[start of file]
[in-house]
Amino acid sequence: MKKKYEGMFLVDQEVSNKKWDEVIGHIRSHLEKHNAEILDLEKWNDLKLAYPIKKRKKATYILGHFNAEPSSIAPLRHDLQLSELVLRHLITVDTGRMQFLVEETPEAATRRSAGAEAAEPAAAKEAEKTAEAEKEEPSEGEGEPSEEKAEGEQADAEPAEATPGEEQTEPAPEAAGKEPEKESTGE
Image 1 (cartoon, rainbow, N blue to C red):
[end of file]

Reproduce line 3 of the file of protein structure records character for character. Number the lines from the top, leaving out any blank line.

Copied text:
Image 1 (cartoon, rainbow, N blue to C red):